The audit groups have been visiting three local establishments: Middlebury Union High School, focusing on the summer programs in session there; Citizens Bank; and the residence of Chris and Julie Altemose in Middlebury. Rising eighth-grader Jeremiah Tinker, 13, is part of the group working at MUHS, where he and his group sort waste and give feedback to the school’s summer programs about their sorting habits.
“What happens is we have three different tasks,” Tinker said. “We separate into three different rotations. One of them we go outside and sort all of the trash, recycling and compost into different groups and then we weigh them and count how much there is, and the next day we go back to the school and explain to them what they need to do to sort their waste better and how to do that better.”
Before they could begin doing their own audits, though, the students had to conduct a self-evaluation that asked them to take a look at their own habits with waste disposal.
“In the beginning of the program, in the first four days, the kids conducted an audit on themselves,” Moquin said. “And it’s been really cool to see the changes they make. Our composting has gone from being a couple of orange peels to being full buckets every day because kids are aware.”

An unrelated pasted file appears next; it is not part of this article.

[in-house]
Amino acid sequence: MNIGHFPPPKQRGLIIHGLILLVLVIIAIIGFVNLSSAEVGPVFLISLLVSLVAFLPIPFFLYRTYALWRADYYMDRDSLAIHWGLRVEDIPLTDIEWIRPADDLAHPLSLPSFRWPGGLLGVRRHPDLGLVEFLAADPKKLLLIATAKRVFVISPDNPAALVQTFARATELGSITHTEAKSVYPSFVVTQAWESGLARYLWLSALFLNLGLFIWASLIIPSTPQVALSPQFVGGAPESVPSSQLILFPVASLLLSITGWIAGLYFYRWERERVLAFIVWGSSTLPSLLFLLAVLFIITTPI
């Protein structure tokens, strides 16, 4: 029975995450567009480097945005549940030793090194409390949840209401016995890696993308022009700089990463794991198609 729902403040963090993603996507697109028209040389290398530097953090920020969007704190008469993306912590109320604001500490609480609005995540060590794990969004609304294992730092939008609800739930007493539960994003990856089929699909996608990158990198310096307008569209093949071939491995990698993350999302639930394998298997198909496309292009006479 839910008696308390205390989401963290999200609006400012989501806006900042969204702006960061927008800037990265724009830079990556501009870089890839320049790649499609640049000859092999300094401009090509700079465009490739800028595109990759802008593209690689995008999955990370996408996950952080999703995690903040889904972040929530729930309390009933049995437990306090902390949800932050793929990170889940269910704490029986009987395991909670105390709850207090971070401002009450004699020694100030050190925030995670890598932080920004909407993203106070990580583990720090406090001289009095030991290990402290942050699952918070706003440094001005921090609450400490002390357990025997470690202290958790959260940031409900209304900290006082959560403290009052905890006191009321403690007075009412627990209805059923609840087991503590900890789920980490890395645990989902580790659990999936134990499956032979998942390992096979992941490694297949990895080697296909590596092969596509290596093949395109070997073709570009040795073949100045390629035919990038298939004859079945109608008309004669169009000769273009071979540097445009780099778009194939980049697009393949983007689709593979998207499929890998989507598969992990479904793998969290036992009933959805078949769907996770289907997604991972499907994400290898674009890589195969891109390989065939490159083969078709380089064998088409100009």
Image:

Throughout the process the students have received mentorship from ACSWMD Program Outreach Coordinator Annina Seiler and AmeriCorps Intern Sarah Lundquist. Seiler and Lundquist met with the students once during the camp’s first week to lead a discussion of the audit teams’ early data and ideas, and again during the second week to run through the presentations.
“The progress that the students made from the first session to the second was extraordinary and we’re really looking forward to hearing the final presentations at the end of the week,” Seiler wrote in an email. “They have clearly done a lot of hard work and have some great insights into the recycling industry and waste management in Vermont.”
The students feel like they’ve learned a lot, too.
“I’ve learned so much about how we’ve polluted the earth and how we can try and save the earth from all the destruction we’ve done to it,” Tinker said. “I was kind of aware before but not as aware as I am now.”
While some people might be quick to question middle schoolers’ ability to make real changes to the ways their community approaches environmental issues, Santa Maria, Moquin and Seiler have no doubt that the Wild SCide kids are well on their way to making their voices heard.
“They’re wonderfully effective communicators,” Seiler wrote. “Not only are they helping us do our job by spreading information and modeling good practice, but they have some incredibly creative solutions and recommendations that the audit clients can implement to reduce waste … Physically going into a school, business, and residence and interacting directly with the community, as well as making recommendations to them, is an amazing opportunity not just for the kids, but for those community members as well.”